Organization and Markup

To make it easy for users to know where they are on a page, material should be organized logically and intuitively. This includes making all headers informative and unique, and not using tables for a page’s layout. Semantic markup (i.e., using tags to indicate the meaning of content on the webpage) should be used correctly. This means ensuring that the correct tags are used to describe content. It is especially important to use proper tags for headers so that they provide meaning to the user.


To make text content accessible to all users, it should be readable at double the original text size, and it should be wholly visible on the page (i.e., the user should not have to scroll horizontally). Use relative fonts sizes (em or %), as these font-size units are scalable and can be read easily by any device. Other formatting requirements include not using full justification, using a minimum of 1.5 x font size for line spacing, and using a minimum of 1.5 x line spacing for paragraph spacing. Note: Information about colour formatting can be found in the “Colour” section.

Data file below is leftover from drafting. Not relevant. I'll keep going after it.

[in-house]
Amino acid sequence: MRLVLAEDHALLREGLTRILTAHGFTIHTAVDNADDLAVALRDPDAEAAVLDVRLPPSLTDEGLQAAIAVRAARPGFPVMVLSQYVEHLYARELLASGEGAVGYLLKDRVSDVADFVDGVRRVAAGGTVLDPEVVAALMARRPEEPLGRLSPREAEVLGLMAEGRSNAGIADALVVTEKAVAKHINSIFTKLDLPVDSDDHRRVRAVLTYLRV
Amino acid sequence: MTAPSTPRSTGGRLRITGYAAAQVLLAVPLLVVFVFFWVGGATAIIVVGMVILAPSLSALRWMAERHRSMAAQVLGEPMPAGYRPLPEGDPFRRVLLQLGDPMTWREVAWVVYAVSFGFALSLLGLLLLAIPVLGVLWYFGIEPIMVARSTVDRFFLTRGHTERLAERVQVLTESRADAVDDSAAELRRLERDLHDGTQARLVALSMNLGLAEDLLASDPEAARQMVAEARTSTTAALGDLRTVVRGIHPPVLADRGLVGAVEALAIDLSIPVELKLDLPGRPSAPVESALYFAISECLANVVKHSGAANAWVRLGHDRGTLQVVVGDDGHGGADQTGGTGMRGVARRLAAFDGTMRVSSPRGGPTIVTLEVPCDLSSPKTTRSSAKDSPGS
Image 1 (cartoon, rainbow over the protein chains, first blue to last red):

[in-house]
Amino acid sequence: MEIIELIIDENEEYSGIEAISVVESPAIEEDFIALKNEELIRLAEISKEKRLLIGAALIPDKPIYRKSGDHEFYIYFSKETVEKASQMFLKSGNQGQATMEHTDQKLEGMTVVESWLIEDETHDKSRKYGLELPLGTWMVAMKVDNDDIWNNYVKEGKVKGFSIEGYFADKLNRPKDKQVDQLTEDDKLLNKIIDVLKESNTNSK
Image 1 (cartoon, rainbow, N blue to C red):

Word Choice

All terms being used on a webpage should be understandable to the reader. Explain all abbreviations and acronyms the first time they are used, and define jargon. Error messages should be clear and descriptive, so that it is obvious to the user what the error is.

CEL Accessibility Guidance (derived from WCAG 2.0) Addressing the Use of Text:

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  • Key Terms

    1. Must means do things in the manner described exactly.
    2. Should means do things in the manner described unless there is a good reason not to [i.e., instructor has other needs].
    3. [Supplementary information] is provided in square brackets.